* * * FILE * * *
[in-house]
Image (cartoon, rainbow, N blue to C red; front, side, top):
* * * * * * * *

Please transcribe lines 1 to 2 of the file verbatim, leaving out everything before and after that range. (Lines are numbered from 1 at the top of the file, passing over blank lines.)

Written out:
[in-house]
Image (cartoon, rainbow, N blue to C red; front, side, top):